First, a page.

Random Samples

Science  13 Oct 2000:
Vol. 290, Issue 5490, pp. 261
  1. Cry for Help

    The U.S. Head Start preschool program is being forced to confront problems it was never designed to deal with—widespread and serious emotional and behavioral problems in small children, says a panel of the National Research Council. It's all part of a larger picture in which too many children's emotional needs are not being met by parents, preschools, and policy-makers, the group said in a report * issued last week.

    The committee, chaired by Jack Shonkoff of Brandeis University in Waltham, Massachusetts, said at a 3 October press briefing in Washington, D.C., that the explosion of research on early child development is having little effect on children's lives. While research has shown that there are no proven remedies for making children smarter, the report says much can be done toward a more important end: nurturing their emotional health. Nonetheless, “many early child care and education programs fail to apply such knowledge in their everyday dealings with children.” Low average pay for day-care-center workers—at $6.12 an hour, slightly less than that for parking lot attendants—has led to a 30% annual turnover rate. This, says the panel, is despite “the overwhelming scientific evidence of the central importance of early relationships” with caregivers.

    “We have a huge body of science that somehow doesn't seem to be listened to” by policy-makers, lamented Shonkoff. And the problems are getting ever more pressing. At a recent workshop, he notes, directors of Head Start programs complained they were “overwhelmed with mental health problems that they have no expertise to deal with”—problems that have worsened over the past decade, as levels of mental illness and drug abuse have risen among young mothers.

  2. No-Show Showdown

    A long-awaited U.S. Senate showdown over stem cell research was abruptly derailed last month. Now participants will have to start all over again in a new Congress next year.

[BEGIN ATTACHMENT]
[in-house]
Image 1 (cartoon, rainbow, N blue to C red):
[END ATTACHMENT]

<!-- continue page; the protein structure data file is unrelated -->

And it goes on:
For nearly a year, Senator Arlen Specter (R-PA) has been preparing for a full-tilt rhetorical joust with supporters of a federal ban on funding research using stem cells extracted from human embryos slated to be discarded by fertility clinics. Specter believes that the cells, which might someday be coaxed to grow into a wide range of tissues, will be key to treating many diseases, and he has pushed for an end to the ban. Last year, his effort to smash the ban threatened to produce legislative gridlock, so he put his crusade on hold in exchange for a promise from Senate Majority Leader Trent Lott (R-MS) to hold a full-scale public debate.

    Lott, however, proved unable to deliver on his pledge: When he tried to bring Specter's bill to the floor on 28 September, Senator Sam Brownback (R-KS) pounced, invoking rules that allow a single lawmaker to block debate. Lott promised a disappointed Specter to try again next year. “I am sure it will be a good debate,” he said, “whenever and wherever it is debated.”

  3. Dioxin Routes Mapped

    Just a handful of incinerators and factories in the United States spew much of the dioxin that contaminates people in Nunavut, Canada, thousands of kilometers to the north, a new study suggests. The study is the first to track dioxin pollution in the Arctic to specific sources in North America.

    Dioxins and related industrial chemicals are carried by weather patterns to polar waters, where they wind up in the fat of animals via the marine food chain. Arctic Inuits who eat dioxin-tainted whales, seals, and fish may suffer health problems such as immune dysfunction, cancer, and developmental delays, say researchers.

    To pinpoint where the stuff comes from, a team led by Barry Commoner of Queens College in New York City collected U.S., Canadian, and Mexican government data from 1996 and 1997 that identify 44,000 dioxin sources from urban incinerators to backyard trash fires. The researchers then plugged their data into a National Oceanic and Atmospheric Administration (NOAA) weather model that could predict the paths of dioxin puffs over the course of a year. They found that a small fraction of sources accounted for most of the dioxin measured at eight sites in Nunavut territory. More than one-third of the dioxin found at Coral Harbour, for instance, came from just 19 sources, such as incinerators and ironworks in Iowa, Minnesota, and Indiana.

    “This work is mighty new,” says Richard Artz of NOAA's Air Resources Laboratory. Similar studies have tracked acid rain in the northeastern United States to Midwest power plants, Artz says, but they have not been able to pinpoint specific sources. The results may influence negotiations over an international treaty to curb persistent organic pollutants, scheduled to finish later this year.

  4. Gaia Guru Goads Greens

    “Their hearts are very much in the right place, but they often get the science wrong. … Fifty years ahead when the problems of the greenhouse effect really hit us hard, somebody is going to point a finger back at the Greens and say: ‘If we had nuclear power we wouldn't be in this mess now, and whose fault was it? It was theirs.’”

    The 28 September Independent, quoting Greens hero James Lovelock, who collected early evidence that industrial chemicals were altering the atmosphere. His autobiography, Homage to Gaia: The Life of an Independent Scientist, was published last month.

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